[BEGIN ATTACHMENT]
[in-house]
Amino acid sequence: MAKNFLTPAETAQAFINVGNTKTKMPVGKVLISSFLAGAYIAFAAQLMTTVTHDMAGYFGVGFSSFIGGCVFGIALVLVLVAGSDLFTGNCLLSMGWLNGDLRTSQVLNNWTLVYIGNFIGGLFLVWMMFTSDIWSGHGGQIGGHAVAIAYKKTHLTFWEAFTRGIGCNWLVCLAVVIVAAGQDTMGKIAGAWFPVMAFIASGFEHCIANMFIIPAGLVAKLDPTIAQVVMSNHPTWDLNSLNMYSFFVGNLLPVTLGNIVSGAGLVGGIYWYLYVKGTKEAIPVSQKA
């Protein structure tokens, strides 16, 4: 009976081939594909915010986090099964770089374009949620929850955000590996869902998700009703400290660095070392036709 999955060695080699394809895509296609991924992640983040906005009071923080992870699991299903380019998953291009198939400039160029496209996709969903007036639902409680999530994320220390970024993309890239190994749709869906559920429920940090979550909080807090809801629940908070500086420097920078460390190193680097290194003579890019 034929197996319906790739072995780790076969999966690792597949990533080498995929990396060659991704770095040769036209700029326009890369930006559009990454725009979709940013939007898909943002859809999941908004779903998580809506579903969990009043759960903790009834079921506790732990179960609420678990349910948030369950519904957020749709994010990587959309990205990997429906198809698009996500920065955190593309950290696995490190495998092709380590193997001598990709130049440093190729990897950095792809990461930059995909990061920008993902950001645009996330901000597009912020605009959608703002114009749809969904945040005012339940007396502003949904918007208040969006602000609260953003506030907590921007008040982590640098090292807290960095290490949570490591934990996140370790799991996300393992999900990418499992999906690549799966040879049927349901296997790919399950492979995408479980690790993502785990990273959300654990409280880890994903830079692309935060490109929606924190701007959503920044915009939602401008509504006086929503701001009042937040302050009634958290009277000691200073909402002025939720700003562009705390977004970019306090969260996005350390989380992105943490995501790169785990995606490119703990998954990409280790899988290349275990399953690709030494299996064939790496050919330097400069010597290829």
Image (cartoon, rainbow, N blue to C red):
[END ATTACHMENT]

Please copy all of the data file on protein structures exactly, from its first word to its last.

[in-house]
Amino acid sequence: MAKNFLTPAETAQAFINVGNTKTKMPVGKVLISSFLAGAYIAFAAQLMTTVTHDMAGYFGVGFSSFIGGCVFGIALVLVLVAGSDLFTGNCLLSMGWLNGDLRTSQVLNNWTLVYIGNFIGGLFLVWMMFTSDIWSGHGGQIGGHAVAIAYKKTHLTFWEAFTRGIGCNWLVCLAVVIVAAGQDTMGKIAGAWFPVMAFIASGFEHCIANMFIIPAGLVAKLDPTIAQVVMSNHPTWDLNSLNMYSFFVGNLLPVTLGNIVSGAGLVGGIYWYLYVKGTKEAIPVSQKA
């Protein structure tokens, strides 16, 4: 009976081939594909915010986090099964770089374009949620929850955000590996869902998700009703400290660095070392036709 999955060695080699394809895509296609991924992640983040906005009071923080992870699991299903380019998953291009198939400039160029496209996709969903007036639902409680999530994320220390970024993309890239190994749709869906559920429920940090979550909080807090809801629940908070500086420097920078460390190193680097290194003579890019 034929197996319906790739072995780790076969999966690792597949990533080498995929990396060659991704770095040769036209700029326009890369930006559009990454725009979709940013939007898909943002859809999941908004779903998580809506579903969990009043759960903790009834079921506790732990179960609420678990349910948030369950519904957020749709994010990587959309990205990997429906198809698009996500920065955190593309950290696995490190495998092709380590193997001598990709130049440093190729990897950095792809990461930059995909990061920008993902950001645009996330901000597009912020605009959608703002114009749809969904945040005012339940007396502003949904918007208040969006602000609260953003506030907590921007008040982590640098090292807290960095290490949570490591934990996140370790799991996300393992999900990418499992999906690549799966040879049927349901296997790919399950492979995408479980690790993502785990990273959300654990409280880890994903830079692309935060490109929606924190701007959503920044915009939602401008509504006086929503701001009042937040302050009634958290009277000691200073909402002025939720700003562009705390977004970019306090969260996005350390989380992105943490995501790169785990995606490119703990998954990409280790899988290349275990399953690709030494299996064939790496050919330097400069010597290829």
Image (cartoon, rainbow, N blue to C red):